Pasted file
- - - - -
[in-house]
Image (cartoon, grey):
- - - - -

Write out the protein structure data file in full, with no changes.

[in-house]
Image (cartoon, grey):